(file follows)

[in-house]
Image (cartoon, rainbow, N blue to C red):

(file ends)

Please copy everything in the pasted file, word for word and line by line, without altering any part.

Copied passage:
[in-house]
Image (cartoon, rainbow, N blue to C red):